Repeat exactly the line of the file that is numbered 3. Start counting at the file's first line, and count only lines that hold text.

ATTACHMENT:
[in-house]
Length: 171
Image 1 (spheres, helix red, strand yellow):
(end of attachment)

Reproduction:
Image 1 (spheres, helix red, strand yellow):